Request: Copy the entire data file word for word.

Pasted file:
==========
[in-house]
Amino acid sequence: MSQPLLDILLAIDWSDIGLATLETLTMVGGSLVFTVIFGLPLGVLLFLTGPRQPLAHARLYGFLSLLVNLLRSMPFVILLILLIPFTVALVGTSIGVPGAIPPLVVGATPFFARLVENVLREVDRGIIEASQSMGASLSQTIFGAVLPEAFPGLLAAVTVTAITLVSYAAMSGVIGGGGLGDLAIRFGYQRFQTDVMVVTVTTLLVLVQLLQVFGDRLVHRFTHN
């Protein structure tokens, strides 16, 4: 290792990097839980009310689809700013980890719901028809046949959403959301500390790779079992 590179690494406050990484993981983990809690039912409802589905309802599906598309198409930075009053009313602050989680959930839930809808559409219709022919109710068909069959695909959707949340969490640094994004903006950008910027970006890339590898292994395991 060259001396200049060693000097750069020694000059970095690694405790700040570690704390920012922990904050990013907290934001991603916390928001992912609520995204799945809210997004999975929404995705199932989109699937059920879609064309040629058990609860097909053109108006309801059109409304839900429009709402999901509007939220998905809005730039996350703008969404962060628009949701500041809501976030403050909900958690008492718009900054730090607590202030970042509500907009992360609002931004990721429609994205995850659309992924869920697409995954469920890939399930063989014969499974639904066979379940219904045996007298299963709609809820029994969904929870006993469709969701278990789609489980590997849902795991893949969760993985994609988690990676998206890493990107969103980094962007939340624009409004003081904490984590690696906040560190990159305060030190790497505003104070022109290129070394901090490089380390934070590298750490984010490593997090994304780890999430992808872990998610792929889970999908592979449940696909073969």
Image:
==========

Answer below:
[in-house]
Amino acid sequence: MSQPLLDILLAIDWSDIGLATLETLTMVGGSLVFTVIFGLPLGVLLFLTGPRQPLAHARLYGFLSLLVNLLRSMPFVILLILLIPFTVALVGTSIGVPGAIPPLVVGATPFFARLVENVLREVDRGIIEASQSMGASLSQTIFGAVLPEAFPGLLAAVTVTAITLVSYAAMSGVIGGGGLGDLAIRFGYQRFQTDVMVVTVTTLLVLVQLLQVFGDRLVHRFTHN
């Protein structure tokens, strides 16, 4: 290792990097839980009310689809700013980890719901028809046949959403959301500390790779079992 590179690494406050990484993981983990809690039912409802589905309802599906598309198409930075009053009313602050989680959930839930809808559409219709022919109710068909069959695909959707949340969490640094994004903006950008910027970006890339590898292994395991 060259001396200049060693000097750069020694000059970095690694405790700040570690704390920012922990904050990013907290934001991603916390928001992912609520995204799945809210997004999975929404995705199932989109699937059920879609064309040629058990609860097909053109108006309801059109409304839900429009709402999901509007939220998905809005730039996350703008969404962060628009949701500041809501976030403050909900958690008492718009900054730090607590202030970042509500907009992360609002931004990721429609994205995850659309992924869920697409995954469920890939399930063989014969499974639904066979379940219904045996007298299963709609809820029994969904929870006993469709969701278990789609489980590997849902795991893949969760993985994609988690990676998206890493990107969103980094962007939340624009409004003081904490984590690696906040560190990159305060030190790497505003104070022109290129070394901090490089380390934070590298750490984010490593997090994304780890999430992808872990998610792929889970999908592979449940696909073969």
Image: